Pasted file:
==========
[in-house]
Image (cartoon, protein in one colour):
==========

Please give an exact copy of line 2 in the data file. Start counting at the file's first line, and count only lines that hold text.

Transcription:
Image (cartoon, protein in one colour):